PracticeAuditSMEs face fair value headache as standards get nearer

SMEs face fair value headache as standards get nearer

Big business is grappled with international financial reporting standards, and it looks as if SMEs are set to be thrown a similar compliance challenge if plans to develop new standards go ahead

Both the IASB and the UN are working on proposals to revamp small business
reporting, and the early signs are not encouraging.

The IASB, according to Richard Murphy, the campaigner, wants to introduce
fair value reporting for SMEs. This involves a continual reassessment of the
value of assets and liabilities as they are at the date of the accounts, rather
than at historical cost.

The standard being developed also require extensive notes, which small
businesses will not like. Instead, Murphy prefers the simpler UN standard. The
IASB, understandably perhaps, rejects the criticism.

Vice-chairman, Tom Jones, told Accountancy Age criticism was
levelled by ‘pontificators’. ‘If the standards are too weak, they won’t be
accepted. If they are too tough, they won’t be applied. So we’ve been careful to
choose the middle ground,’ he said.

The board this week had a preliminary vote of confidence in its draft
proposal, which has support across the board, Jones said. Certainly it is far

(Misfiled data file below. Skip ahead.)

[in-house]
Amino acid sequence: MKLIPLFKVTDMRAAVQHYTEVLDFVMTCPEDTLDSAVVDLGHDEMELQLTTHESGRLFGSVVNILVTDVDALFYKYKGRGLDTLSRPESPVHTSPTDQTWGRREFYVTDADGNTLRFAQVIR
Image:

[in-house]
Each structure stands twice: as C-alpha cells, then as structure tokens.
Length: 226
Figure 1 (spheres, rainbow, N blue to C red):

shorter than full IFRS standards, but criticisms have not yet abated.

European Union commissioner for internal markets Charlie McCreevy has warned
that the board’s proposed standards must be in keeping with EU guidelines. He
said that only ‘simple, easy-to-apply standards will be acceptable’.

Those who did make submissions on the standards, wanted standards that were
short and manageable to read; worded simply; based on IFRS framework; and which
could be broadly adapted across a spectrum of companies – all of which Jones
claims have been fulfilled. The only request, which he said cannot be included,
is to provide standards which would also be tax-compliant.

The response, the IASB says, is an indication that many are looking forward
to the final proposal so they can already begin to plan and move towards it
practically. In the next few months, the final draft will come before the board
for its final vote. The real test will be whether the final proposal is accepted
in the industry.

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